Without the expert research nurses to ensure patients are constantly monitored and cared for; these trials would not run. The aim of Cure Leukaemia is to raise money to fund more research nurses at centres across the Midlands and provide world-class treatment for its patients. Only by funding more nurses in more hospitals, can more leukaemia patients benefit from access to potentially life-saving treatment.
Currently, Cure Leukaemia has nurses at the Queen Elizabeth Hospital in Birmingham, Sandwell and Dudley, Stoke, Worcester, Coventry, Warwickshire and Birmingham Children’s Hospital.
Cure Leukaemia celebrated its 10th anniversary in 2013 by launching the Cure Leukaemia for Kids appeal, raised in excess of £125,000 from runners in BUPA Great Birmingham Run and established new corporate partnerships with Deloitte, The Binding Site, OGL Computer and Hotel Indigo.
About type 1 diabetes
· Type 1 diabetes is a chronic, life-threatening condition that has a life-long impact on those diagnosed with it and their families. JDRF exists to find the cure for type 1
· Type 1 diabetes is an autoimmune condition which cannot be prevented, and is not caused by lifestyle factors such as diet and exercise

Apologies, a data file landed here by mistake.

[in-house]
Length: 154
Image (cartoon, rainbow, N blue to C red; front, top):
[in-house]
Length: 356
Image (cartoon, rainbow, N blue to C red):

· People with type 1 diabetes rely on multiple insulin injections or pump infusions every day just to stay alive, until we find the cure.
· It normally strikes children and stays with them for the rest of their lives.
· Type 1 diabetes affects about 400,000 people in the UK, 29,000 of them children.
JDRF exists to find the cure for type 1 diabetes and its complications, and is the world’s leading charitable funder of type 1 diabetes research. At a global level JDRF volunteers and staff have been responsible for raising over £1 billion to support type 1 diabetes research since the charity’s inception. www.jdrf.org.uk
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Press release distributed by Pressat on behalf of Cure Leukaemia, on Monday 3 February, 2014. For more information subscribe and follow https://pressat.co.uk/